What are the requirements for a Bachelor of Arts/Sciences degree?

1. You must complete a total of 120 semester credits through a combination of transfer credits from accredited colleges or institutions of higher education, ACE assessed union apprenticeships or training programs, military service, PLA credit, and National Labor College coursework.

2. You must successfully complete General Education Requirements. These requirements may be completed at another accredited institution, or at the National Labor College. In some cases, they can also be met through assessed union apprenticeships.  Developmental courses cannot be used to fulfill the General Education Requirements.  The General Education Requirements are at least 3 semester credits in each of the following disciplines:

  • English Composition

  • Arts and Humanities

  • Mathematics

  • Biological and Physical Sciences

  • Social and Behavioral Science

3. Labor Studies students must complete 10 courses (30 credit hours) to complete their major. This includes 5 core courses (Introduction to Labor Studies, Labor and the Economy, Comparative Research Methods Senior Seminar, And Senior Project) and 15 credits in their individual, either at the NLC* or through an approved partnership. NLC week-long Union Skills courses taught for college credit, and one course may be used either as an SLS elective or to count as one course in a student’s major.  

4. Students in the School of Professional Studies enroll in a cohort program (where students progress through the program together) and must complete a minimum of 36 credits in their major in addition to pre-requisites and general education requirements, if applicable.


How do I know if my previous college work will be accepted as transfer credits by the National Labor College?

In most cases, all classes with a grade of “C” or better from an accredited college are transferable to the NLC.  The state of Maryland limits the number of lower-level (e.g., 100-200/freshman-sophomore) credits we can accept from an associate’s degree granting institution to 70.  The NLC can accept up to 90 credits through a combination of transfer credit from ACE, PLA and or upper level credit from a four year college.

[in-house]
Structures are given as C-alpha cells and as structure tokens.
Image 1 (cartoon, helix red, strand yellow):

We cannot accept credit for developmental or remedial coursework even if it was taken at an accredited college. All transfer credit is accepted at the discretion of the Registrar’s Office at the NLC. We cannot accept grades of S without documentation from the institution that it meets the equivalent of a C or better.

I went to college over 20 years ago, are the credits still good?

Our policy is that college credits don’t expire. Even if you took accredited college classes 20 or 30 years ago, we will accept those credits in transfer if they meet all other requirements.

How can I find out how many of my credits will transfer?

To determine which credits can be applied to your NLC degree, our Registrar’s office needs to review your official transcripts.  In order for us to do this, you first must complete an application to the College and pay the $60 application fee.

Where do I send transcripts?

Request official sealed transcripts of credits from: prior colleges or universities, military training, ACE assessed apprenticeships, training, or licenses to be sent directly to the National Labor College Student Service Center 925 Oak Street Scranton, PA 18515-1272 Attn: Transcripts Department 1272. Applicants are advised to request unofficial copies for their personal records and to review the transfer credit guidelines in our course catalog. What if the College I went to is no longer open?